I bought The Writers’ Guide to Places months ago at the Goodwill Quincy and I was excited about the promise the cover makes. The vagueness of that last word, places, should have warned me that disappointment would follow.
First, it’s a very narrow list of places. In this book, the places covered are the fifty states of the United States of America and 10 provinces of Canada, so the book doesn’t even cover all of North America (Mexico is part of North America, in case you’re wondering) or all of the United States (Samoa, Guam, and Puerto Rico are part of the US and it’s important that we acknowledge that the US is still colonizing land).
Second, as if that first point wasn’t a clue, it’s exclusionary. This serial fiction experiment I’m writing is set in New Orleans but has deep roots in the Sea Islands off the coast of South Carolina. Having never lived in New Orleans or the Sea Islands of South Carolina, I was hoping this book would help me out. It was a little helpful with book recommendations, but otherwise it was aggravating to read that my Black characters would be proud of South Carolina’s plantations and would love the Confederate flag. I have never met a black person, of slave descent or no, that thought plantations where their ancestors or people that could have been their ancestors were held captive, denied basic human rights, and forced to work for free (while being called lazy) were a thing to take pride in. And I have yet to meet a Black person that loves the Confederate flag. Every single time I saw a Confederate flag waving in the breeze the Billie Holliday singing Strange Fruit came to mind.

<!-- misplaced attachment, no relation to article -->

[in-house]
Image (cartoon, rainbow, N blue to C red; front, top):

Lastly, I would like to offer my services to update this book. It’d be great to make it an online resource or database for writers. This has the potential to be a great resource that can easily be made inclusive with a little forethought, organization, and planning; all things I’m good at.